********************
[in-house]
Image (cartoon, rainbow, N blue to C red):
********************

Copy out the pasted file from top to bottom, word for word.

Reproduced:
[in-house]
Image (cartoon, rainbow, N blue to C red):